Poultry is extremely sensitive to the virus, in particular chickens and turkeys. Quail, pheasant and partridge are also sensitive to it.
The role of vector of the illness may be played by wild and migratory birds, more particularly ducks, geese, swans, storks, cormorants, birds of prey and so on.
Web-footed birds, such as ducks and geese, are less sensitive to bird flu, but can play the role of healthy carrier and disseminator of the virus. The same applies to pigeons.
Cage and pet birds, like psittacidae and canaries, are not very sensitive to the illness.
Among mammals, it is above all the pig which can be a carrier of the virus without presenting any signs of the illness. Sensitive to various subtypes of the bird flu virus, the pig could at worst play the role of genetic "mixer" and consequently represent a risk of transmission of the illness to a human.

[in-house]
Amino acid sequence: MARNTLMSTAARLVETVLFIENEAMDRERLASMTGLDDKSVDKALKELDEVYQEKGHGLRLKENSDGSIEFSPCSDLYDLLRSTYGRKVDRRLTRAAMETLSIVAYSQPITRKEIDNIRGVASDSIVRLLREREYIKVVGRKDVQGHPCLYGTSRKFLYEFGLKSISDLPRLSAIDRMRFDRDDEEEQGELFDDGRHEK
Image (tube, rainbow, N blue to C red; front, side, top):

It cannot be excluded that in exceptional cases, cats could also be infected by the subtype H5N1, as shown by certain instances of cats carrying the virus. However, even in the case of infection, it has still not been proved that a cat could transmit the virus to a human.